NASHVILLE (Reuters) - A federal prosecutor is warning parents against trading chicken pox-laced lollipops by mail in what authorities describe as misguided attempts to expose their children to the virus to build immunity later in life.
The warning came after media reports surfaced about a multi-state ring of parents, wary of vaccinations that prevent the disease, who were swapping lollipops licked by a sick child in a modern day incarnation of a chicken pox party.
In those so-called parties, parents purposely put sick children together with healthy children in order to spread the ailment and build immunity without having the children vaccinated. This new form of party shares the disease anonymously and long-distance.
“Sending a virus or disease through the U.S. mail (and private carriers) is illegal. It doesn’t matter if it crosses state lines,” said David Boling, public information officer for the Attorney in Nashville.
“Also, it is against federal law to adulterate or tamper with consumer products, such as candy.”
Boling said the issue came to light after a television “news report out of Phoenix that involved a Nashville woman that was shipping and receiving adulterated products.”
Sending chicken pox-infected lollipops, swabs or vials of saliva to parents who want to infect their children and avoid vaccinations is not only illegal, it can be lethal, said Dr. Tim Jones, Tennessee’s state epidemiologist.
“They are putting at risk the people around them,” said Jones, commenting on a controversy that has sparked anger in both the medical and legal communities.
An epidemiologist for the Centers for Disease Control in Atlanta agrees. “It’s an incredibly bad idea for a variety of reasons,” said Dr. Rafael Harpaz, of the CDC’s Division of Viral Diseases.
The transport and sale of contaminated items has been linked to a Facebook group called “Find a Pox Party in Your Area,” which helps people anonymously arrange for the swapping and sale of contaminated items.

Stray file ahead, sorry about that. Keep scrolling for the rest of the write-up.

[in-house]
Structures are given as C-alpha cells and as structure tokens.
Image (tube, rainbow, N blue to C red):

“There are a substantial number of people involved in it,” Boling said, referring to the ring.
Nashville-based U.S. Attorney Jerry Martin has been outspoken on the matter because he wants to warn “folks that want to continue to engage in this kind of activity that they are certainly exposing themselves to criminal prosecution,” said Boling, who would “neither confirm (nor) deny existence of an investigation.”
Jones said old-fashioned “pox parties” were bad enough, but shipping items to infect children “is utterly inexcusable. In this case, these are people who are buying and selling infected or contaminated body fluids from complete strangers.”
“There are a bunch of things wrong with this,” he said, adding that parents could also be inadvertently giving their children items contaminated with influenza or hepatitis, in addition to chicken pox.
CDC’s Harpaz said one major issue is that giving children the chicken pox instead of a vaccine could be a fatal mistake.
“Before the vaccine was licensed, there were in the order of 100 kids (in the U.S.) who died of chicken pox per year. Now there are very few among vaccinated children... It’s kind of like playing Russian roulette with your child.”
In addition to exposing children to chicken pox, those who have it are more susceptible to getting shingles later in life than are vaccinated children, Harpaz said.
“The idea that it’s safer to give your kid the infection than it is to immunize them is just wrong, completely misguided and puts your child at unnecessary risk,” said Tennessee epidemiologist Jones.
First of all, he said, the vaccine is safe, while those who give the children the disease “are putting at risk people around them. There may be people they could infect that don’t have a choice, who can’t take the vaccine.”
The CDC’s Harpaz said symptoms of chicken pox aren’t noticeable for “10 days to 21 days when you are exposed.” But that doesn’t mean children aren’t contagious.
Children taking chemotherapy or other medications that affect the immune system are among those who can’t take the vaccine and would be at risk if exposed to infected children.
“You could infect them and kill them,” said Jones. “That’s murder.”
Editing by Cynthia Johnston and Jerry Norton
Our Standards: The Thomson Reuters Trust Principles.